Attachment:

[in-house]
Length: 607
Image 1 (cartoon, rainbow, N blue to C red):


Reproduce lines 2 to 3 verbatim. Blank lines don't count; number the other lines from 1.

Length: 607
Image 1 (cartoon, rainbow, N blue to C red):